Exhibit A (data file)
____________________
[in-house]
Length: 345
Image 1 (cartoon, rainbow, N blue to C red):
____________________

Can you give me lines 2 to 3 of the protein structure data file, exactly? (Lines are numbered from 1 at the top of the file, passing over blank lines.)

Length: 345
Image 1 (cartoon, rainbow, N blue to C red):